After a meticulous restoration that took more than a year, a Stradivarius violin that was stolen from violinist Roman Totenberg and missing for decades is about to return to the stage. Violinist Mira Wang, who studied under Totenberg, will play the instrument at a private concert in New York on Monday, and more performances after that are possible, reports the AP. The violin known as the Ames Stradivarius is one of roughly 550 surviving instruments made by Antonio Stradivari, history's most renowned violin maker. Built in 1734, it's likely worth millions, though it hasn't been appraised since it was recovered. It was stolen in 1980 after a performance by Totenberg in Boston, and wasn't recovered until 2015, three years after Totenberg died at age 102.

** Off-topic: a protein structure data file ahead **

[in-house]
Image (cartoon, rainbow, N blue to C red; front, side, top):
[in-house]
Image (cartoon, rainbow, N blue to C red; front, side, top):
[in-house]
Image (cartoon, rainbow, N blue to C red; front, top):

The presumed thief, journeyman violinist Philip Johnson, was himself dying of pancreatic cancer when he showed his ex-wife a locked violin case in his basement. She later learned it contained the stolen Stradivarius. "I'm sure we'll all cry" to hear it again, says Totenberg's daughter, Jill. "I'm absolutely sure of it. When that violin was returned to us, we really felt like our father was back in the room with us." Another happy surprise: 35 years after it disappeared, the violin wasn't in bad shape. Johnson couldn't take it to a repair shop without being discovered, and he used Super Glue and Elmer's to patch a few spots. It was unplayable because it had no strings and the sound post inside was broken. Bruno Price of Rare Violins of New York and the Totenbergs believe Johnson couldn't have played it all that often. (Read more Stradivarius violin stories.)